Your customer ABC Ltd., has been awarded a contract of US $ 2 million for the supply of engineering goods to an importer in Argentina on deferred payment terms spreading over a period of seven years.
(a) What do you understand by deferred payment?
(b) What are the facilities available to an exporter in India for financing deferred payment exports?
(c) How can the customer guard against the risk of exchange fluctuations?
What do you understand by ‘Turnkey Project’?
Deferred Payment Exports:
Normally export proceeds are expected to be realised within a period of six months from the date of shipment. An export contract providing for payment extending beyond this period is known as deferred payment contract. Payment may be made by the importer over a period in instalments. All deferred payment contracts require prior approval of the Reserve Bank. Exports on deferred payment terms are allowed in respect of selected engineering goods.
Projects, which involve the rendering of services like design, civil construction, erection and commissioning of plant or supervision thereof, along with the supply of equipment, are known as turnkey projects. All requirements of the projects like issuing of guarantees by bank on behalf of exports, opening of site offices, opening and operating of foreign currency accounts abroad, bridging finance by way of remittance from India on repatriation basis or overdraft arrangements with overseas banks, third party imports and payment of commission to agents are governed by exchange control regulations. All proposals for turnkey projects, whether on deferred payment terms or not, require prior clearance from the Reserve Bank.
Apart from the preshipment and post-shipment financial requirements, exporters on deferred payment terms and those undertaking turnkey projects may require various guarantees. The requirements are met by banks and by the Exim Bank in participation with banks.
Commercial banks grant both pre-shipment and post-shipment finance at concessional rates of interest to exporters. They may also execute guarantees on account of bid bond/performance/advance payment/release of retention money after seeking approval of the Exim Bank where necessary. In case of large contracts Exim Bank may also participate with the banks in issuing guarantees.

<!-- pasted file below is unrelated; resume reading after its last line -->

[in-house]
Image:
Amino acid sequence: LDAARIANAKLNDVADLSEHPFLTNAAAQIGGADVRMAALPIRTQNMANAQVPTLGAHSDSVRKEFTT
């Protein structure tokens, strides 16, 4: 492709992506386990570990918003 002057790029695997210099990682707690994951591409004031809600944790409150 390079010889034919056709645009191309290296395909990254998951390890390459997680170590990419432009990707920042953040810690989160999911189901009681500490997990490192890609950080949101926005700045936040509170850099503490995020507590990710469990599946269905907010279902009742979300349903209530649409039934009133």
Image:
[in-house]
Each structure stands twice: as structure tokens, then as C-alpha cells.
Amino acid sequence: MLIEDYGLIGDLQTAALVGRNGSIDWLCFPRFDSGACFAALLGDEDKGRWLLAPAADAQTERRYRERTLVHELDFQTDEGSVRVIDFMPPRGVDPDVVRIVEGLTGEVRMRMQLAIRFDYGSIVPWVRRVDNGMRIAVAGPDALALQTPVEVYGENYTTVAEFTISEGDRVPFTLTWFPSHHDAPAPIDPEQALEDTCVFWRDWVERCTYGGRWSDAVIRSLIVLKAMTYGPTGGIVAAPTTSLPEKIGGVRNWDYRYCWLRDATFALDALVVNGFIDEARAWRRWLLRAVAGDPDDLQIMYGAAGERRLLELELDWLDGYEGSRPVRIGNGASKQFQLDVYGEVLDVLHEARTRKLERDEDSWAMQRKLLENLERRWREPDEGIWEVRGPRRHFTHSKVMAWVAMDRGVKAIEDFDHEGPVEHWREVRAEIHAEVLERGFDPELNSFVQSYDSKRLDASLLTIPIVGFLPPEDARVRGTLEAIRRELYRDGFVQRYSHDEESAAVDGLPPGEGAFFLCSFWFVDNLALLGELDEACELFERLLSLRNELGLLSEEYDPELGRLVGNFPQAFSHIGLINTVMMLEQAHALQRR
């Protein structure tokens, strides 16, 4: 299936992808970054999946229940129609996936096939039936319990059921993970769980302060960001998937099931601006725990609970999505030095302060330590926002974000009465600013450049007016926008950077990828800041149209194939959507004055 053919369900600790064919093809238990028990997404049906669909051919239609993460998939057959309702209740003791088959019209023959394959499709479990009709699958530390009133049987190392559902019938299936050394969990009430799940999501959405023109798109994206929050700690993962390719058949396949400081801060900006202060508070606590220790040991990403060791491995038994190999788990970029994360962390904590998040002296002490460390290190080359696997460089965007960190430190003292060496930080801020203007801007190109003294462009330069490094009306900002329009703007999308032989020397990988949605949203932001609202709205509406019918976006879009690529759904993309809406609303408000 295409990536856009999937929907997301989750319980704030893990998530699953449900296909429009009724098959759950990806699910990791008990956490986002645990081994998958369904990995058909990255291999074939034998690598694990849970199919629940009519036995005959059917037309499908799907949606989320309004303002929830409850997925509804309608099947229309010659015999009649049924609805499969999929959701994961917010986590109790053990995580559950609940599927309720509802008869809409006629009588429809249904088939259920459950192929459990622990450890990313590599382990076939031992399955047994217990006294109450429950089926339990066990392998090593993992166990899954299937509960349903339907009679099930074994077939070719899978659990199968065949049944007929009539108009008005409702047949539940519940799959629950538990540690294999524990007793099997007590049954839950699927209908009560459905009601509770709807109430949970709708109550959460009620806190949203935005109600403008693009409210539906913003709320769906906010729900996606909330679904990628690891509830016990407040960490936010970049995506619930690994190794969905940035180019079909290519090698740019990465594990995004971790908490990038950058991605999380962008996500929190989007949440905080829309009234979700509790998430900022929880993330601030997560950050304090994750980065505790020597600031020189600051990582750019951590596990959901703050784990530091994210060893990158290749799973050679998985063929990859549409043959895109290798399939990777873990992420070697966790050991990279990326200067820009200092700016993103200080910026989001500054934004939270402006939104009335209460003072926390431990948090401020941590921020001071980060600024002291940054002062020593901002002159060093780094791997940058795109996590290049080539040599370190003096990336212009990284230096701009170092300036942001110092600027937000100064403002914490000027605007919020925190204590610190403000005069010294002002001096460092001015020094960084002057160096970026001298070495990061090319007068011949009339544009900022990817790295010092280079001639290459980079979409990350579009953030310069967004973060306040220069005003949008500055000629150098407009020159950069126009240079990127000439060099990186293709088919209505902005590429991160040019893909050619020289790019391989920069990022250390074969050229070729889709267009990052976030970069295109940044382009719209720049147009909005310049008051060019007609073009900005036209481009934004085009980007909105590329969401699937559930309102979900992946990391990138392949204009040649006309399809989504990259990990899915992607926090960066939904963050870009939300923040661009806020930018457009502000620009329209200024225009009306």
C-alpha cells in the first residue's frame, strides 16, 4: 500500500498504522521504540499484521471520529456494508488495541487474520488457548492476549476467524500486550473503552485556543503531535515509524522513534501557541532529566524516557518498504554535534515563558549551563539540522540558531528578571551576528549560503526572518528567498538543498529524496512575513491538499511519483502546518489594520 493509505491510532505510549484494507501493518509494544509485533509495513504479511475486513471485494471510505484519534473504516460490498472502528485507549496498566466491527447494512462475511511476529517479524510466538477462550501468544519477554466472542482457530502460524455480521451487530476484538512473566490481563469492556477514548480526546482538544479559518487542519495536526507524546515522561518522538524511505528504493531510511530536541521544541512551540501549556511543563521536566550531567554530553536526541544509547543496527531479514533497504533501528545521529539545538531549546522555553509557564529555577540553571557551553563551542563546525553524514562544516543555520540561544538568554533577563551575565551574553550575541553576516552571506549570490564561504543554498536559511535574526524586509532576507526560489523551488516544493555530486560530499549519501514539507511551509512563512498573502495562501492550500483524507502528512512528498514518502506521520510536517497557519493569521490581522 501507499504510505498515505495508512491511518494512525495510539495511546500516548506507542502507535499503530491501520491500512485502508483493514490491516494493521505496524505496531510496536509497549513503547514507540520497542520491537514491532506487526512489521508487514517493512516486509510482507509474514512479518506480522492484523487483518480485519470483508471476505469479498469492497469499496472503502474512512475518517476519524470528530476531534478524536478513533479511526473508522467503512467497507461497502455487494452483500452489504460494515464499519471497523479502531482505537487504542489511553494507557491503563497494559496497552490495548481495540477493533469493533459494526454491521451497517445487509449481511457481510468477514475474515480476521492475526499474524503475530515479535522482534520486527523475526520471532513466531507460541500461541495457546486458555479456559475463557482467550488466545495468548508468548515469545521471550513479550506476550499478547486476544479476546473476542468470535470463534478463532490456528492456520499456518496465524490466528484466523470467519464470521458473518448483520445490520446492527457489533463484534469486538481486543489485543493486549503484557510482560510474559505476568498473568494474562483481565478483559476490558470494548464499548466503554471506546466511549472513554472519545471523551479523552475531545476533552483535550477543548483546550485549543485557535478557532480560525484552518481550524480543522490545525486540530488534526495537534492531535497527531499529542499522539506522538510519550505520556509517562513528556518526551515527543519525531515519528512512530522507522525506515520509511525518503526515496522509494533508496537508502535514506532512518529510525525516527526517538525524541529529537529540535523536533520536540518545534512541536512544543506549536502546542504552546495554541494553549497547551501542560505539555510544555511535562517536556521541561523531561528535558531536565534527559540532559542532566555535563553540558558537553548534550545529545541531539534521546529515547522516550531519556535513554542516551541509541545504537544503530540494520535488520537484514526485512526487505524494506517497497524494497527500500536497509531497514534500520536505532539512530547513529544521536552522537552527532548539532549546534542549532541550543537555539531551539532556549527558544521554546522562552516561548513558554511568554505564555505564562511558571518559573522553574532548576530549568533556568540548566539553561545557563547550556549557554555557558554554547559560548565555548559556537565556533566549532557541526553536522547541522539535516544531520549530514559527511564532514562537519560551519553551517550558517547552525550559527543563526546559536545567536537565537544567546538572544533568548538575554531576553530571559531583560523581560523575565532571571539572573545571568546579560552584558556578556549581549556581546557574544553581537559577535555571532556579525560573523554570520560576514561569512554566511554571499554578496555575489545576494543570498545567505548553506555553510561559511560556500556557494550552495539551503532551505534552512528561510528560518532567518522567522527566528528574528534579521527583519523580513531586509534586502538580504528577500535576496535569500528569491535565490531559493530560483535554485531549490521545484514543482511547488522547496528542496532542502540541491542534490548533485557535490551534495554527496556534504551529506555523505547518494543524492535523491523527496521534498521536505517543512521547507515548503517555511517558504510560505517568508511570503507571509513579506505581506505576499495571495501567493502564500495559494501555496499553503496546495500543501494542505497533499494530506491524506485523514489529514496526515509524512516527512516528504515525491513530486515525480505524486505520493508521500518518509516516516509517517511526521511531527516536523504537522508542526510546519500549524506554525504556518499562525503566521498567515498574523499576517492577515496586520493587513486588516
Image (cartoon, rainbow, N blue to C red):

Exim Bank helps export through refinancing the commercial banks’ advances to exporters. In selected cases it also makes direct finance under its scheme for direct finance assistance to export and buyer’s credit scheme. ECGC offers various policies to cover different risks involved in exports on deferred payment terms and on turnkey basis which cover risk up to 90%. These policies by covering the major risks enable the banks to issue guarantees.
Working Group :
Various aspects of export contracts under deferred payment arrangements and turnkey projects require approval of several institutions in India such as Reserve Bank, Exim Bank, ECGC and the financing bank. With a view to obtaining the necessity for exporters to approach different agencies for obtaining approvals and avoiding delays, a working group comprising representatives of Exim Bank, Reserve Bank, ECGC and the bankers of the exporter with Exim Bank as the focal point is functioning to grant package clearance to proposals submitted by exporters. In case of contracts of high value representatives of Finance and Commerce Ministries of Government of India will also ordinarily participate in the meetings of the working group.
For contracts of value not exceeding Rs. 5 crores authorised dealers are granted power to give clearance in principle on behalf of Reserve Bank, Exim bank and ECGC, provided the conditions stipulated in this behalf are satisfied. For contracts up to Rs. 30 crores Exim Bank can give clearance in principle.
The exporter can cover himself against exchange rate fluctuations by taking an Exchange Risk Contract Policy of ECGC. This policy covers exchange risk, with reference to the date of contract for periods from 12 months to 15 years. The cover is available for contracts expressed in US dollars, pound-sterling, Japanese yen, Deutsche marks, French franc, Swiss franc, Australian dollars and UAE dinar.